Here's the thing: according to filings with the state of Florida, "Direct Strategies, Inc." doesn't exist. It voluntarily dissolved in April 2005. In its place rose a new company, "Dutko Direct Strategies, Inc.," which appears to be controlled by one of Washington's largest lobby firms.

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The Chicago Sun-Times has steadily efforted to chip away at the pedestal on which supporters and the media have placed Sen. Barack Obama (D-IL), the perch from which he happily mulls a run for the White House.

In its latest piece, the paper seems to have knocked away some plaster: last year, Obama gave an internship in his office to the kid of a big-money donor who's alleged to have taken a $250,000 kickback as part of a state-level graft scheme.

Worse, the paper says Obama did the favor on the advice of Illinois Democratic moneyman Antoin "Tony" Rezko, currently indicted for his role in the aforementioned graft scheme.

Now, Obama gave the internship to the young man -- John Aramanda, son of Joseph Aramanda, whom the paper ID's as an unindicted co-conspirator in Rezko's scheme -- in the summer of 2005, before news of the Rezko investigation came out.

But some might say that the alleged crimes aren't what make the story so disheartening. Rather, it's that Obama, who is seen by many as a modern-day Horatio Alger -- "proof that this country affords equal opportunities to anyone who works hard enough," as New York magazine described him in October -- would apparently give a such a coveted position to a kid on the basis of how much his rich dad ponied up for the senator's election.

Perhaps young Mr. Aramanda is bright and talented. Perhaps he demonstrates the "audacity of hope." Still, was he really the most deserving candidate for such a beneficial gig?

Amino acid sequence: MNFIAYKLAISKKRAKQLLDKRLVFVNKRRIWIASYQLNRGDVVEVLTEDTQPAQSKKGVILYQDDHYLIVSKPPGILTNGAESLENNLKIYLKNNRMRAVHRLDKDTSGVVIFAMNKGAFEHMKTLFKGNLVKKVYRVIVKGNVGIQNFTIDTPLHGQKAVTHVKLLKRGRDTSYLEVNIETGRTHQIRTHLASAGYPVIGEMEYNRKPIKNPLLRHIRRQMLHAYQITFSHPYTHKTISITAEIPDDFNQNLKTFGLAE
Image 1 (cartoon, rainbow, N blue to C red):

A new investigation into harassing robo calls from November´s election may lead to the National Republican Campaign Committee (NRCC).

The Nebraska Public Service Commission has launched an investigation into one of one of the more egregious examples of attempted voter suppression this year. In the 3rd District there, voters reported receiving repeated (often back-to-back) calls featuring a recorded voice that seemed to belong to Democrat Scott Kleeb. The calls, which went out to an unknown number of Nebraskans, prompted a flood of complaints to Kleeb´s campaign office.

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As more details come out about the federal raids on six meatpacking plants two weeks ago, union officials continue to voice concerns about the agents' methods.

In particular, the Feds' habit of detaining legal workers, and denying detainees access to lawyers, are drawing closer scrutiny. In their defense, a spokesman for the bureau of Immigration and Customs Enforcement say they followed the law to the letter.

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The Baltimore Sun reports:

President Bush is bracing for what could be an onslaught of investigations by the new Democratic-led Congress by hiring lawyers to fill key White House posts and preparing to play defense on countless document requests and possible subpoenas.

Bush is moving quickly to fill vacancies within his stable of lawyers, though White House officials say there are no plans to drastically expand the legal staff to deal with a flood of oversight. . . .